I worry, I weigh three times my body
I worry, I throw my fear around
But this morning, there's a calm I can't explain
The rock candy's melted, only diamonds now remain
--John Mayer, “Clarity”
Ever have a lucid moment where you realize later that everything around you is moving slowly even though you’re moving at warp speed? And at the same time have you ever realized what you are doing is both the right thing and your actions are flawless? I actually had an episode like that once. I haven’t been able to re-capture the rhythm or the sense of right that went along with it since. But I try every time I go out on the road. What was especially bizarre about this particular incident was that I was running the show; I had a Paramedic student with me as well as my partner and an engine company, and things just worked the way they were supposed to.
January 2008. Dispatched to a local car dealership for a party who fell through a skylight. Updated while we were on the way that the party had an episode of unconsciousness and was now combative but still down. We arrived on scene all at the same time: the engine company, the police, and us. And we found our patient, a 45 year-old male who had been installing new lighting on the roof of the dealership (I don’t know what the lighting was for, nor do I care) when he lost his balance and fell onto a skylight that he was next to. According to witnesses who saw the fall, he landed flat on his back and appeared to stop breathing for a short period of time. One of the employees “knew CPR” and attempted to rescue breathe for our patient. That was when he regained consciousness and became combative, from what we were told.
We looked up and judged the distance that he’d fallen to be approximately 20 feet, which was enough to generate a trauma team activation. And before I said anything, my medic student was down on the ground with the patient doing his primary survey while one of the firefighters took cervical spine stabilization.
That was the first of a few flashes of light; this particular medic student had been quietly doing what he needed to all along to get his skills so that he could move forward. But I also knew this guy as he’d been an EMT for approximately 10 years, and he understood what what needed to be done. And he did it here without being told what to do.
That impressed me.
So we got the patient packaged for transport and aboard the ambulance. Once we got in the space we could work in, things moved pretty fast. First, my partner and my student – again without me having to say anything – had the heat cranking and the patient stripped of everything but his underwear and were looking for further injury. They picked up on his deteriorating mental status and the CSF that was leaking out of his ears as well as the multiple injuries to his thoracic cavity. Again, before I could say anything, my student had his airway secured; he intubated the patient without any difficulty as he’d lost his gag reflex. Between my partner and me we had IV access in both of his arms in place and were on the road to the hospital maybe a minute later.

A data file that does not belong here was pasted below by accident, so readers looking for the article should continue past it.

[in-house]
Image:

The second of these insights came as we were on the way to the hospital. It was a fairly short ride– maybe 6 or 7 minutes at most – but my student asked me if we should consider having medication out in case the patient started to seize. I asked him why he’d think seizure activity could happen – after all, being the clinical preceptor I couldn’t not ask what I thought were reasonable questions about things to consider. And just as I got the words out of my mouth the patient started to seize. Severely enough, in fact, that the board started to levitate off of the stretcher in spite of the straps that held him down. My next question to him was, “what’s your drug of choice"?”, and all he said to me was “Ativan.” So I broke out the drug box and handed him a pre-filled 1 mg Ativan syringe which he promptly administered. Within a minute or so the patient settled down.
The third flash happened right about then. I thought that this kid might actually have it together much better than I’d initially suspected, but he showed me that he had good control of what was happening. It occurred to me at that point that while he was still going to be learning while he’s on the job (as do we all) there really wasn’t much more that I could offer him. He didn’t really need me for anything other than skill validation and signatures.
The outcome for this patient actually turned out much better than any of us had hoped. While he did have a traumatic brain injury as well as some substantial damage to his spleen (it had to be removed), he recovered. And he went back to work 4 months later, although it is my understanding that he won’t work in high places anymore.
I don’t blame him.